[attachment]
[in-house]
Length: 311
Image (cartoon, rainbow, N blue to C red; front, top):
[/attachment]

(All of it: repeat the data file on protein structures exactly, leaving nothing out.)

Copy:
[in-house]
Length: 311
Image (cartoon, rainbow, N blue to C red; front, top):